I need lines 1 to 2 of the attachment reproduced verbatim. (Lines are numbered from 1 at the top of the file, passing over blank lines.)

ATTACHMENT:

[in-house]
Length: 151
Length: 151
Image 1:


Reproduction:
[in-house]
Length: 151